“It showed that we built that team camaraderie,” Whitner said of his team’s Ohio road trip. “Having a week to sit up there after that loss, having that bad taste in our mouth, it was pretty good for us. Coming out and making the statement we did today, it shows.”

Despite the dominating effort, the 49ers will keep the celebrations short. San Francisco is set to host five of its next six games at Candlestick Park, starting with Sunday’s contest against the Buffalo Bills.

“Those things are really hard to come by,” Willis said of the shutout. “Any time you’ve got an opportunity to get one of those, you take it and you enjoy it. But, like I said, it’s humble hearts around here and we know that this was just one game in many and that we have to continue on the right track and win.”

Super Special Teams

Perhaps lost in the flood of the defensive display was the stellar work completed by the special teams unit on Sunday.

Larry “L-Train” Grant made his presence known in the fourth quarter, when he burst through from the right side of the defensive line and blocked a Robert Malone punt. Fellow linebacker and special teams ace Tavares Gooden eventually recovered the ball on the 4-yard line, before Kendall Hunter punched it in to run the score to 34-0.

“It was a great win,” Grant said. “With all the preparation we did this week, we didn’t expect it to be this way, but we’re happy with the outcome of the game.”

Throughout the course of the contest – and the eight New York punts – Grant said he noticed a weakness in the Jets punt protection that he might be able to exploit. So he voiced his opinion to his coaches and they gave him the green light.

“The good thing about these coaches is they respect the players and they trust us,” Grant said. “They gave me an opportunity and it happened.”

Punter Andy Lee showed off his All-Pro toe again, as he knocked three punts inside the New York 5-yard line. C.J. Spillman mistakenly pushed the first punted ball into the end zone, but made up for it later in the quarter by downing the ball at the 2-yard line, while Tramaine Brock also pinned the Jets deep with a downed punt.

“It’s consistency,” Grant said of Lee. “He’s been doing that ever since he’s been in the league. He’s a Pro Bowl guy, an All-Pro guy and we’re just happy to have him here with us.”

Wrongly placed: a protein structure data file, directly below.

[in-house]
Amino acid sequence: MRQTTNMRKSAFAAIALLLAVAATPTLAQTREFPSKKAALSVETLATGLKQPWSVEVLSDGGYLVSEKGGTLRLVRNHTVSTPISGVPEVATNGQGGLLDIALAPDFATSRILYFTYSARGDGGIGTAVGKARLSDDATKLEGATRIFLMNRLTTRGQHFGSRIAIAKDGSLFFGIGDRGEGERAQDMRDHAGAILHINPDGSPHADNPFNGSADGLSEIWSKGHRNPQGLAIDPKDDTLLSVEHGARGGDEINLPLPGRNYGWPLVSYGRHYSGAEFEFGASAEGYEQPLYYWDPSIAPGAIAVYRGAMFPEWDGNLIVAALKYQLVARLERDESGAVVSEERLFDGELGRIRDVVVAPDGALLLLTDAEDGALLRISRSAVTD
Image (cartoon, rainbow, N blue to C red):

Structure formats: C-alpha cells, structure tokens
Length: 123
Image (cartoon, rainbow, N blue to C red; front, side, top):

Ground and Pound

The 49ers racked up 245 yards rushing on 44 carries Sunday, marking their highest output on the ground in the Harbaugh era. It was also the most rushing yards ever posted on a Rex Ryan-coached Jets team.

San Francisco came out firing on all cylinders, racking up 88 yards on 10 first-quarter carries, and didn’t slow down throughout the game. Frank Gore led the team with 62 yards on 21 attempts, while Kendall Hunter (8 car, 56 yards) and backup quarterback Colin Kaepernick (5 car, 50 yards) also eclipsed the half-century mark. Not to mention all three runners scored touchdowns.

“We wanted to come out here and start fresh,” Gore said.

In all, nine 49ers recorded positive rushing yards on the day. Kaepernick was effectively used in change-of-pace duty throughout the game, while Mario Manningham also provided a highlight with a 28-yard end around carry in the first half.

“Our coordinators do a great job,” Gore said. “They do a great job with moving us around, putting us in great situations to make plays. Whenever they put us in great situations, we made it happen.”

Big Apple Debuts

Return specialist Ted Ginn Jr., made his 2012 debut as an effective punt returner on Sunday at the Meadowlands. The sixth-year wideout racked up 40 yards on four attempts and looked explosive all afternoon.

Undrafted rookie tight end Garrett Celek made his NFL debut and appeared in select plays when the 49ers used three tight end sets.

Fourth-year player Ricky Jean Francois made his first start of the season at nose tackle after Isaac Sopoaga was deemed unfit to play after suffering an injury last week.